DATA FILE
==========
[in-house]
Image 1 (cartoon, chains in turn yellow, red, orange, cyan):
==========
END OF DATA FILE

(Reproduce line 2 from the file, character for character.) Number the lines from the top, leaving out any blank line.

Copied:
Image 1 (cartoon, chains in turn yellow, red, orange, cyan):